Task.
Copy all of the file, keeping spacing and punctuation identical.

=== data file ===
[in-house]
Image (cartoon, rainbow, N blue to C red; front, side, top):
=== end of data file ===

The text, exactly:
[in-house]
Image (cartoon, rainbow, N blue to C red; front, side, top):